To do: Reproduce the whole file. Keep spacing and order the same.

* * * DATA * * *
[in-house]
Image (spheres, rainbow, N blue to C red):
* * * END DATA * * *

[in-house]
Image (spheres, rainbow, N blue to C red):